3. 3. Literature review Concept and definition: Social entrepreneurs, social entrepreneurship, and social enterprise Social entrepreneurs Dees (1998), who is considered a pioneer in this field, defines social entrepreneurs as people who play the role of change agents in the social sector by adopting a mission to create and sustain social value by recog- nizing and relentlessly pursuing new opportunities to serve that mission by engaging in a process of continu- ous innovation, adaptation, and learning by acting boldly without being limited by resources currently in hand, and by exhibiting a heightened sense of accountability to the constituencies served and for the out- comes created. Social entrepreneurship Social entrepreneurship is the recognition of a social problem and the use of entrepreneurial principles to organize, create, and manage a social venture to achieve the desired social change. The main aim of social entrepreneurship is to further broaden social, cultural, and environmental goals. Some consider it as focus- ing on combining commercial enterprises with social impacts (Emerson & Twerksy, 1996), others have emphasized its role as innovating for social impact (e.g., Dees, 1998), whereas some others see it as a way to catalyze social transformations (Ashoka Innovators, 2000). Social enterprise The Organization for Economic Co-operation and Development (OECD) defines SEs as “any private activ- ity conducted in the public interest, organized with an entrepreneurial strategy, but whose main purpose is not the maximization of profit but the attainment of certain economic and social goals, and which has the capacity for bringing innovative solutions to the problems of social exclusion and unemployment” (OECD, 1999). The UK-based Social Enterprise Coalition considers some of the common characteristics displayed by SEs, such as enterprise orientation, social aims, and social ownership. The Coalition also supports the UK Government definition, which many of its members were actively involved in helping to develop: A social enterprise is a business with primarily social objectives whose surpluses are principally reinvested for that purpose in the business or in the community, rather than being driven by the need to maximize profit for share- holders and owners.4 The concept and definition of social enterprise in Bangladesh: Country context An understanding of the policy and legal definition of entrepreneurship requires its observation across dif- ferent economic and cultural contexts. In the informal economy, neither the state nor the regulated market is capable of creating wealth and social justice, which, instead, is determined by affiliation to social groups (Mair, 2010). Many countries in Latin America and Asia, and India as well as Bangladesh, are examples of informal economies. A review of social enterprise literature reveals that the majority of the literary actors are based in developed countries. The broader focus of the social enterprise field makes it more suitable for analysis of developing countries. Social entrepreneurship in India, Bangladesh, and Pakistan is shaped by the socio-political and market failure context. It was found that the complex informal economy, multiple market failures, and dependence on foreign donors/creditors in developing countries like Bangladesh, sub- stantially change the debates about the notion of social enterprise. In Bangladesh, neither the government nor the market creates social entrepreneurship; rather, civic organizations, most of which are NGOs, imple- mente their own innovative strategies and approaches towards social entrepreneurship. Social entrepreneur- ial organizations such as BRAC or Grameen have assumed the role and activities of absent or ineffective government in Bangladesh. Social entrepreneurs have created organizations that complement and substi- 4 Social Enterprise Definitions, Social Enterprise Coalition website. © 2015 Wiley Publishing Asia Pty Ltd 295 Sangmi Cho and Razia Sultana Acceleratory Organizational Factors of BRAC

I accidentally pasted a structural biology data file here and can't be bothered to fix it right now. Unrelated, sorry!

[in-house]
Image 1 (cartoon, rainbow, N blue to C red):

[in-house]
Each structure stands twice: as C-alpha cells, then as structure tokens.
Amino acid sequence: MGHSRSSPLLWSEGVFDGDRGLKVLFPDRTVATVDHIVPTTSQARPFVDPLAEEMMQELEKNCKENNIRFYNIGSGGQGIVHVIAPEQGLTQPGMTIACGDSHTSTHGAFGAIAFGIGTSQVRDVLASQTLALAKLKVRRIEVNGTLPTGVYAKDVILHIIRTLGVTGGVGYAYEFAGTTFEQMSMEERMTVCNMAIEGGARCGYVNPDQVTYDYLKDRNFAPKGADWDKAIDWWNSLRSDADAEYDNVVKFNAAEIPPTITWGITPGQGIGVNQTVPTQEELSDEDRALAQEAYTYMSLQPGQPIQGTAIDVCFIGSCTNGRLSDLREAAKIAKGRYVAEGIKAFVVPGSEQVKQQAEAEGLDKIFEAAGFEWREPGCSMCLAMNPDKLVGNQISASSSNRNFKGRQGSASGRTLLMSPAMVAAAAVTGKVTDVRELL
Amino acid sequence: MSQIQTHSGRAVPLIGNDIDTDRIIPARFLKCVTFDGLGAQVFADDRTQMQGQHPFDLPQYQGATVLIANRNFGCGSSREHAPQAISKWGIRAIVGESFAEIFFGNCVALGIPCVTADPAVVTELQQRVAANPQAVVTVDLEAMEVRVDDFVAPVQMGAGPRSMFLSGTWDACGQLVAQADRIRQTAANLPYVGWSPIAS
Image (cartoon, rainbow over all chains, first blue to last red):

4. 4. tute for missing action by national and international relief activities in response to natural disasters (Mair, 2010). Besides, from the “market” point of view with government and business deficiencies in Bangladesh, social entrepreneurs have a stronger case for being in the best position to address market failure. For exam- ple, the failure of the Bangladesh government to provide grid electricity to rural Bangladeshis has led to Grameen Energy selling over 400,000 solar home systems to people in rural areas (see In developing countries such as Bangladesh, however, the size and extent of the informal sector means that the role and design of social enterprises is more complex. Therefore, social entrepreneurship activities are started by holding the hand of non-government organizations; SE in Bangladesh is both an activity and at the same time a separate organization under the “brand name” of that particular NGO. NGOs in Bangla- desh working in different sectors and not all NGOs are involved with SE activities or have separate SEs under the brand name of that particular NGO. NGOs in Bangladesh operating SEs are considered both as SEs and NGOs, but NGOs who are working in a particular development sector or field are considered as NGOs. In Bangladesh there is no single definition of SE, and SEs are not governed by any governmental legislation or polices. In fact, SEs in Bangladesh are mainly governed by existing laws pertaining to compa- nies operating in the country. Operational definition World-renowned figures, such as 2006 Nobel Peace Prize winner Mohammed Yunus, have come forward arguing for the creation of “social business enterprises,” i.e., enterprises that are based on market principles but are dedicated to improving the lives of the poor (Yunus, 2006). Professor Rehman Sobhan focuses on enterprise ownership, arguing that a significant portion of equity in a social business should be owned by poor people, in particular its employees Bangladesh Social Enterprise Project (BSEP) Report (2010). The approach followed by BRAC more closely resembles the characteristics of the UK-based Social Enterprise Coalition, which is an integrated/hybrid model for SE. According to BRAC, a social enterprise is a business venture that aims to achieve financial returns while fulfilling social, environmental, and/or other develop- mental goals. BRAC is best described as a surplus-generating social entrepreneur that combines surplus with sustainability in order to alleviate poverty. Through each of its enterprises, BRAC aims to fulfill three criteria, referred to as the “3Ps”: serving the “people”, benefiting the “planet”, and also making “profit”.5 Therefore, the operational definition of social enterprise in the context of developing countries, more espe- cially in Bangladesh, comprises criteria such as: being run by non-governmental organizations following an integrated/hybrid approach; being reassembled with its organizational mission, vision, and value; address- ing society’s and its clients’ (employees’) needs; achieving financial returns while fulfilling social, environ- mental, and/or other developmental goals, mainly poverty alleviation; and working in conditions where formal institutions, governments, or markets have failed to ensure social justice. Organizational factors defining BRAC as a social enterprise: Findings from previous studies Despite its increasing salience, social entrepreneurship has remained largely under-investigated, especially in the context of the developing world. An organization can be said to have a strategy when the leaders and the organization as a whole have committed themselves to a particular vision as to how the organization will operate to create value and sustain itself in the immediate future (Andrews, 1971; Barnard, 1966; Moore, 2000). The sustainable initiatives underlying the BRAC SE have not been the subject of many studies, although some beneficial studies have been done to obtain an understanding of those organizational factors that are crucial elements for ensuring successful and sustainable SE for BRAC as an NGO. The study “Social entrepreneurs in Bangladesh” was conducted by Hossain and Hossain (2012) to analyze the characteristics and the entrepreneurial journey of the SEs of Bangladesh. The article analyzed the leadership qualities of two 5 BRAC Enterprises & Investments: An Overview, Retrieved, from qd9VE9fNkZkck05bWM/preview. 296 © 2015 Wiley Publishing Asia Pty Ltd Sangmi Cho and Razia Sultana Acceleratory Organizational Factors of BRAC